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Aung San Suu Kyi sentenced to three more years in prison

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The Burmese junta on Thursday sentenced Aung San Suu Kyi to an additional three years in prison for violating the law on official secrets, during a river trial denounced as political by the international community. This umpteenth sentence comes on top of the 20 years in prison already pronounced against the former leader, in particular for corruption and electoral fraud, a reason for which the sentence was accompanied by forced labor.

Sentenced to 120 years in prison

The 77-year-old Nobel Peace Prize winner faces a total of more than 120 years in prison for the multiple offenses of which the military accuses her. The court also sentenced his former adviser, the Australian economist Sean Turnell, as well as three other defendants, former ministers, to an identical sentence, according to the same source. “Sean Turnell, Daw Aung San Suu Kyi and the other three were sentenced to three years in prison each under the State Secrets Act,” the source told AFP on condition of anonymity, adding that Ms. Suu Kyi would appeal her verdict.

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Australian Foreign Minister Penny Wong has rejected Sean Turnell’s conviction and called for his “immediate release”. The accumulation of convictions demonstrates that the junta has “no qualms about assuming its status as an international pariah”, said Elaine Pearson, Asia director at Human Rights Watch. “Concerted action” by countries is needed “to redress the human rights situation in the country”, she added.

In solitary confinement in a prison since the end of June

Arrested at the time of the putsch in February 2021, which ended a decade of democratic transition in Burma, Aung San Suu Kyi was placed in solitary confinement in a prison in Naypyidaw at the end of June. It is in this establishment in the Burmese capital that his trial continues, which began more than a year ago, behind closed doors, his lawyers being prohibited from speaking to the press and international organizations.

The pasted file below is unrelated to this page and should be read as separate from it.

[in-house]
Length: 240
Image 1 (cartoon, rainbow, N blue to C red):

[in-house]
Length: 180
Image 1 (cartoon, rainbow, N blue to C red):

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Sean Turnell, an Australian economics professor, was an adviser to Aung San Suu Kyi when he was arrested days after the military coup. The source added that a separate charge was against him, under immigration law. His arrest sparked outrage among Australian diplomats, who lobbied Burma’s neighboring countries for help. The Burmese authorities also sentenced a former British ambassador to Burma and her artist husband to one year in prison at the end of August for violating immigration laws.

“Judicial Harassment”

Many voices denounce a judicial harassment which would be based on political motives, with the aim of definitively removing the daughter of the hero of independence, big winner of the 2015 and 2020 elections. Several of her relatives have been sentenced to heavy penalties. A former member of his party sentenced to death, Phyo Zeya Thaw, was executed at the end of July. The junta defends itself from these accusations and even promises to open negotiations with Aung San Suu Kyi once her trial is over.

“Although we could have taken tougher measures, we are lenient with her,” junta leader Min Aung Hlaing said in an August interview with the UN envoy, in remarks relayed by a state newspaper. Aung San Suu Kyi remains a popular figure in Burma, even if her international image has been damaged by her inability to defend the Muslim minority of the Rohingyas, victims of abuses by the army in 2016 and 2017 – a “genocide” according to Washington.

Elections in 2023?

Special envoys from the UN and ASEAN (Association of Southeast Asian Nations) were not allowed to meet her during their last visit, as a symbol of the failure of the diplomatic efforts undertaken for several months which have not brought Burma out of chaos. The army hopes to organize elections in the summer of 2023, as soon as the country is “peaceful and stable”, according to Min Aung Hlaing who also announced a “reform” of the electoral system.

The United States has already called on the international community not to support this project, a “sham” election, according to Secretary of State Antony Blinken. Since the putsch, more than 2,200 civilians have been killed by the security forces and more than 15,000 arrested, according to a local NGO.

Source: Europe1

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